The members of my immediate family are animal lovers. Most of my cousins and my Aunt Linda all love animals, too. If we happen upon a stray dog or cat, we take it in and care for it, or we make sure it goes to a good home. We will happily dog sit, or cat sit, feed your fish or lizard, and you can go and enjoy your holiday knowing that we are caring for your animals.
I was thinking about our history with animals. I didn’t have a pet until I was ten years old. My parents would not allow a fish bowl, much less an indoor dog or cat. I remember when I got my first dog. Some kids from the next block were carrying some adorable mutt puppies around the neighborhood looking for a home for them. I took one in my arms and fell in love with him. Fortunately, my mom was inside on the telephone, so when I went in to ask her if I could keep him, she smiled and nodded. She really wasn’t paying any attention to me and didn’t realize what I was requesting. The nod was a “yes” to me, so that’s how I got Lucky for the first time in my life! Yeah, I named him Lucky. He was so cute and I loved playing with him. I made him a bed on the covered patio in the back yard and spent many hours outside with him. He wasn’t allowed inside. Sadly, Lucky didn’t live up to his name. He was killed three months later by the tornado that ripped through our house and only left us alive by the grace of God and sturdy bathroom walls. That’s a whole ‘nother story, though. A neighbor later told me that she had found him and buried him for me.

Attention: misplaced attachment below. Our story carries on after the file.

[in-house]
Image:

A year later, my parents gave us a Cocker Spaniel for Christmas. My little brothers names him Kris Kringle and we called him Kris. He was blonde and beautiful and he lived outdoors, also. Dave and Don were constantly sneaking him in and playing with him in their room, and Kris loved it because he always found lots to eat under Don’s bed. In the summer he would take a dip in the pool everyday, then dry himself off on our mom’s azaleas. He loved our neighbor’s Golden Retriever, he loved beer, and he especially loved cheese. He could be running after a squirrel, going seventy miles an hour, and we could say “Cheeeeeese?” and he would stop dead in his tracks. Often he would run away and end up a couple of miles away, across a busy highway and in some office supply store where they always fed him doughnuts before they called us to come pick him up! Kris was with us for about seven years and then one day he disappeared. We never saw him again. Dave thought he had found him, once, across town, but it wasn’t Kris.
Part Two tomorrow.